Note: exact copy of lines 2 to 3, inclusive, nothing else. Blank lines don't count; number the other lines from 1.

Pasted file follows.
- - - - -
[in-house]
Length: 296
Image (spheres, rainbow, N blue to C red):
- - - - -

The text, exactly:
Length: 296
Image (spheres, rainbow, N blue to C red):